Corporate Reputations Take A Beating This Year

Stumbling over issues like inflation and culture wars are damaging a majority of the corporate reputations measured by latest edition of the annual Axios-Harris Poll 100.  

The poll concluded that the public has raised the bar for corporate excellence this year.  



Nvidia, 3M, Fidelity, Sony and Adidas have the top-five best reputations, respectively, in America, according to the poll.  The fact that Nvidia is number one says a lot about how much thought Americans are giving to artificial intelligence currently. 

Social media platforms and companies viewed as politically polarizing took the biggest reputational hits this year. The Trump Organization, X (formerly Twitter), Spirit Airlines, Meta/Facebook and Fox Corporation are at the bottom of the 26th annual list, with the poorest reputations. 

"This year's Axios-Harris Poll 100 finds a systemic loss in corporate reputation, as public backlash to the handling of inflation has created higher prices and poorer value for the stretched American consumer," said John Gerzema, CEO of The Harris Poll. "72% believe companies are taking advantage of inflation to increase their profit margins rather than being fair and transparent with the prices they charge."   

Stagwell's Harris Poll has ranked reputation since 1999. The survey's Reputation Quotient (RQ) ranking is based on companies that are most visible to the general population and on their performance in seven key areas: 

  • Trust – "Is this a company I trust?" 

  • Vision – "Does this company have a clear vision for the future?" 

  • Growth – "Is this a growing company?" 

  • Products and Services – "Does this company develop innovative products and services that I want and value?" 

  • Culture – "Is this a good company to work for?" 

  • Ethics – "Does this company maintain high ethical standards?" 

  • Citizenship – "Does this company share my values/support good causes?"  

This year, only one industry – pharmaceuticals – improved. Biggest individual company gainers: BP, Hobby Lobby, Fidelity, Subway and eBay. BP? As in British Petroleum? That’s a bit of a shocker, but kudos to their reputational management team (I guess).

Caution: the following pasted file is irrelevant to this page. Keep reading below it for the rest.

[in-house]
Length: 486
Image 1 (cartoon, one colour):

Biggest decliners: Boeing, Shein, Reddit, Starbucks and Anheuser-Busch. New to the list: AI developer Nvidia, Mattel, Novo Nordisk, Bayer and Alaska Airlines.   

"To excel at reputation, companies must deliver on strong business performance, corporate character and trust," said Ray Day, vice chair of Stagwell. "While you can build a brand, you earn a reputation. This year's results underscore more than ever that reputation needs to be a priority from the board room to the C-suite – as companies with the strongest reputations also are the ones winning in the marketplace."   

Among the insights from this year's study:  

  •  63 of the 89 companies (or 71%) see a decline of half a point or more. Only 15 companies (17%) see an improvement of half a point or more. 2024 is the lowest number of companies with an "excellent" score in a decade.  

  • Reputation scores are at the lowest levels since pre-COVID. The average score of the 100 companies this year is 72.8, down from 74.1 last year and 74.2 in 2022.  

  • Top reasons for declining reputations include: companies not doing enough to keep prices fair from inflation (26%); poor ethical behavior related to unfair pricing and passing along costs or suppressing wages/lack of hiring despite profit-making (20%); and too much focus on cultural issues not important to consumers (18%).  

  •  66% of Americans recently have stopped doing business with a company because of unreasonably high prices, and 59% have gone elsewhere due to falling quality.  

  • To improve reputation, Americans believe companies should: be more focused on keeping prices fair during inflation (53%); improve product quality, safety and consumer satisfaction (48%); and pay good wages while promoting economic growth through job creation (48%) – rather than ESG (23%), AI (13%) or taking proactive stances on societal or culture issues.  

The Axios Harris Poll 100 is based on a survey of nearly 25,000 Americans in a nationally representative sample conducted January through March. The two-step process starts by surveying the public's top-of-mind awareness of companies that either excel or falter. These 100 "most visible companies" are then ranked by a second group of Americans across the seven key dimensions of reputation to arrive at the ranking. If a company is not on the list, it did not reach a critical level of visibility to be measured. 

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